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It is 4:54 pm along a dusty trail in the high desert of Eastern Oregon. I am out of breath, heaving my weight against a wooden post trying to finesse a centimeter of slack in the latch that is holding together a large, awkward barbed wire fence. There is some urgency to my efforts because two humans and three horses are waiting to access the trail on the other side of the fence. We have been riding for 43 miles and we have seven more to go. Welcome to endurance horse riding.

“Golf is a good walk spoiled,” Mark Twain once said. In that vein, I would add that disc golf is a good walk enhanced. On several Sundays this spring, my partner and I have filled a bag with the candy-colored rubbery discs — drivers, putters, mid-rangers — and headed down to Alton Baker Park’s new course. After purchasing a $3 pass at the pro shop, we spend the next two hours on a leisurely amble through the course’s 18 holes, following arrows that point across sunlit fields and deep into cool, shady groves, and, of course, stopping every couple dozen or a hundred yards to pick up a disc and line-up a shot. We were not alone; dozens of groups spread out throughout the park sailing discs into the chain-link nets.

It was bound to happen: A Eugene spoof of the zeitgeisty show Portlandia, called, of course, Eugenia. The viral video lays down the same beat-heavy opening music as its Portland inspiration with “Eugenia” spelled out in an identical gritty typeface in front of a city view of Spencer Butte, followed by downtown shots of the federal building, Voodoo Doughnuts, the bus station, Cowfish and finally City Hall.

Enter roller derby skaters Erin (Bullet) and James Brains and Mayor Kitty Piercy. Another parallel to the original TV show: Carrie Brownstein and Fred Armisen frequently call on Portland’s mayor for favors or support. In Eugenia, the Brains pay a visit to Piercy’s office to inform her about The Big O, the city’s second annual international roller derby tournament.

Unless you’ve been leading a monastic, media-free existence, you know His Holiness the 14th Dalai Lama, Tenzin Gyatso, is coming to Oregon. The Dalai Lama is both the former head of state and the spiritual leader of Tibet, and to quote his webpage (you can also find him on Facebook, Twitter and YouTube — he’s monastic, but he’s also all over social media), Dalai Lamas “are believed to be manifestations of Avalokiteshvara or Chenrezig, the bodhisattva of compassion and patron saint of Tibet. Bodhisattvas are enlightened beings who have postponed their own nirvana and chosen to take rebirth in order to serve humanity.”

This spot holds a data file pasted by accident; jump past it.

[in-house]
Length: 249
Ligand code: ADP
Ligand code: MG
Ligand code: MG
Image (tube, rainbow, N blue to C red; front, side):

Eugene’s School District 4J has many school buildings that date to the post-war era of the 1940s and ’50s and some elementary schools have 40 doors to the outside, a security concern. Most of these cheaply built older schools would not stand in a major earthquake and some, like River Road Elementary, have such inadequate ventilation that teachers sometimes evacuate their students when air quality monitors warn of bad air.

Ballots are in the mail for the May Special Election in Oregon. Ballots can be mailed until approximately Thursday, May 16. After that they can be dropped off until 8 pm Tuesday, May 21, at any white ballot box around town or at Lane County Elections offices at 10th and Lincoln. Here are our endorsements on selected local issues and contested races. More information can be found in our election coverage this issue and past issues, in the Voters Pamphlet and on various websites.

Opponents of the city service fee on Eugene’s May ballot say it is a poor budgetary path for a laundry list of reasons: Its proceeds can fund a wide swath of expenditures or even be held in reserves; it’s unfair to poor people just above the low-income cut-off; it’s unfair to small businesses; it will charge a struggling nonprofit just as much as a Walmart; and EWEB’s board could vote not to collect it, leaving the city in a bind. Five out of eight Eugene city councilors oppose the fee.